Serafino,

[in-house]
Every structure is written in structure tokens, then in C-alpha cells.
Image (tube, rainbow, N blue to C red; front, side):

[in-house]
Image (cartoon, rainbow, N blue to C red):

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I think I get the gist of what you are saying but it is not quite the case. There is no energy flux directly associated with wave-functions (like with electomagnetic or mechanical waves) but is a probability density and a probability flux associated with the square of linear functionals of the wave-function. The physical quantities (observables) pertaining to any physical system described by the WF typically do not have fixed values assigned by the theory but only "expectation values", i.e. probabilities of being found in one among many of their possible eigenvalues. Quantum Mechanics tells you how to compute these expectation values but only specific experiments assign one among them to a specific system. If I understand what you are trying to say below there is indeed a way of, a posteriori, trying to build a more or less classical picture of a propagation of a beam or even a single particle (represented by a wave packet or something like it). That is what is called a local hidden variable model for QM and it works fairly well for a single isolated degree of freedom. But, as it turns out, none of these clever "cartoons" can be used to fully interpret the quantum description; this is not merely the result of a theorem but something which has been verified empirically numerous times by now. Come to think of it, even my correction to Lee is in need of correction because QM is not just about amplitudes! The phase relations between wave functions play a very central role in the non local phenomena (i.e. Berry and Aharonov-Bohm effects) so the myth of "just amplitudes" should be dispelled by now. Best regards, Godfrey Kurtz (New Brunswick, NJ) -----Original Message----- From: scerir <[EMAIL PROTECTED]> To: everything-list@eskimo.com Sent: Thu, 18 Aug 2005 22:55:51 +0200 Subject: Re: "Naive Realism" and QM Godfrey: > My point, if I can break it down a bit, > is that the amplitudes correspond, > not to "things" but to processes > and that what the amplitudes let you > compute are relative probabilities for > the occurrences of such processes. Maybe. Amplitudes of (whatever) waves satisfy linear equations. So, amplitudes combine linearly when several paths are - in principle - possible. On the contrary, the intensity of waves, that is to say the energy flux, is quadratic in the field amplitudes. So, intensities do not combine linearly. If we imagine there is a relation between the energy flux and the number of particles crossing a given (unit) area (this can be the quantum principle, or the quantum postulate) we also imagine there is a relation between the energy flux - quadratic in the field amplitudes - and the probability for those particles crossing that (unit) area. We can also imagine now there is only one particle flying .... Regards, serafino ________________________________________________________________________

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